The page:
Global Sales Of Hyundai Reached Ten Years Low

Hyundai Motor's global sales fell to their lowest in a decade in February as coronavirus concerns held customers away.

Global Sales Of Hyundai Reached Ten Years Low

Hyundai of South Korea is the first major company to announce the month's revenues. In the coming weeks, Chinese and U.S. companies will be releasing their figures. For February, Hyundai announced preliminary sales of 275,044 vehicles, down 13 percent from a year earlier, with domestic sales plummeting 26 percent. In February 2010, it last registered lesser monthly sales than this. Affiliate Kia Motors announced a 5 percent decrease in global sales.

After rolling back in tax cuts on passenger cars at the start of the year, the South Korean auto manufacturer has been bracing for weaker demand, but the coronavirus outbreak has made it harder to do business. Samsung Securities analyst Esther Yim stated that people are scared of the coronavirus, and no one goes out ... dealership traffic itself is almost zero. As people don't tend to place orders for vehicles they haven't seen over the internet until the epidemic somewhat dies down, domestic sales will continue to be affected. The demand was bleak in China, where the virus originated, the world's top automotive market.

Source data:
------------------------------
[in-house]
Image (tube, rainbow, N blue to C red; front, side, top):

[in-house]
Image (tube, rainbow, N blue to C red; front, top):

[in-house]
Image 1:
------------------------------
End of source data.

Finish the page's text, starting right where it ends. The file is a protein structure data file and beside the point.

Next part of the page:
In February, around 80 percent of Hyundai dealerships in China did not operate. China is not yet entirely free of travel restrictions, so it'll be rough until April. The flu-like virus has wasted nearly 3,000 people, mostly in China, and roiled global financial markets as investors and policy-makers are bracing for a sharp knock to global growth. Outside the mainland, South Korea has the most infections. The cases in South Korea are concentrated in the fourth largest city of Daegu and the province of North Gyeongsang, home to about 20 percent of all suppliers in the region.

The coronavirus already weighs on South Korea's broader economy. A private survey showed the country's factory operation shrank further in February as it contracted export orders at the fastest pace in over six years. Earlier, when the automaker halted production at home, its largest manufacturing base, due to a shortage of parts from China, Hyundai flagged a hit at its manufacturing from the virus. Although the production has slowly resumed, uncertainties related to the infections remain. Last week, a worker tested positive for the virus at his factory complex in southeastern South Korean city 'Ulsan,' causing it to shut down a plant. The factory, which produces popular models like the Palisade SUV, resumed production Monday.